One of the problems we recently tackled in the data science team was how we could introduce our users to new datasets they may not be familiar with. We wanted these datasets to be personal to each user and relevant to their research areas. A recommendation system of some sort was the obvious way to solve this problem.
Recommendation systems come with several possible methodologies. Two of the most widely known methodologies are Collaborative Filtering (which can be split into two branches, user-based or item-based) and Content-Based Filtering.
User-based collaborative filtering recommendations are based on finding users with similar preferences and recommending items that similar users rated highly but have not been viewed by the target user. E.g., “Users who liked similar items to you also liked…”
For item-based collaborative filtering, instead of finding similar users we find items that have been rated similarly by different users and recommended based on a user’s previous preferences. E.g., “Users that liked this item also liked…”
An important part of the data required for these techniques is ratings, so you can tell which items users liked.
Another popular technique is Content-Based Filtering. This technique requires less information about each individual user and more about the items themselves. The recommendations are created by finding items that have similar characteristics, e.g., movies of the same genre, with the same actors, or directors. Then given a user’s previous preferences you can recommend items similar to items they previously enjoyed. A broad and consistent range of metadata is needed for each of the items and again ratings are useful for this methodology.
Within our domain at Findmypast a Content-Based Filtering system would not be appropriate. It is easy to see that some datasets which would share a lot of metadata would not necessarily make good recommendations. E.g., Kentucky Birth Records would most likely share just as much metadata with New South Wales Births as Kentucky Death Records when one is obviously a much better recommendation.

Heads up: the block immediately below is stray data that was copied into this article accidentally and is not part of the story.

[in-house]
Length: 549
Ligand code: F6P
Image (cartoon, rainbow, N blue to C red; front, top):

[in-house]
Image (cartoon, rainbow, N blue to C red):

An early proof of concept used an adapted version of the user-based collaborative filtering, although results were promising as we do not have any dataset user ratings there was limited scope to improve this methodology (without setting up a ratings system).
Due to these domain and data challenges we decided to try another approach known as a Sequential Recommender System. This technique stems from the natural language processing field, a simple use case is predicting the next word in a sentence. If a model is pre-trained on a corpus it will be able to output the probabilities of each word it is aware of occurring at any point in a sequence. E.g., If we fed the model “I am going…” the word with the highest probability to go next could be “to”. You can take this logic and apply it to many domains. For example, if a user has looked at several datasets from one geographical area recently it is likely that the next dataset in the sequence will be from that area. Providing that the user hasn’t viewed that dataset previously it would likely make a good recommendation.
To implement this technique some pre-processing is required including:
- Converting all the dataset and newspaper labels in our collection into integer tokens (tokenisation).
- Transforming our view data into sequences for each user.
- Splitting these long sequences into smaller more relevant sequences.
- Maximising the amount of training data by including every dataset view as the end of a sequence.
Once the data processing is complete, we utilise a TensorFlow neural network to predict the next dataset to be viewed. This neural network consists of a Long-Short Term Memory layer and an Attention layer. The output is an array of probabilities for every sequence representing each dataset in the training data. We then select the datasets with the highest probabilities as potential recommendations. Any dataset that a user has seen recently are filtered out.
A problem with this methodology is that the model is scoring itself on whether it correctly predicts what a user will view next, however there will be datasets that are good recommendations that the user didn’t view. For this reason, it is hard to measure realistic performance of the model using the standard metrics. This led us to develop some custom relevancy metrics to judge the model. These metrics look at the datasets in each sequence and compare some metadata with the recommendation. The metadata we use includes geographic location and the record types of the dataset. We can use this to measure the impact of changes to the models without having to qualitatively judge recommendations by hand.
Currently this system is in production and saving recommendations for each of our users daily. We are currently going through the process of designing the user-journey for serving these recommendations to customers and will have them available to users in the app and on the site soon.
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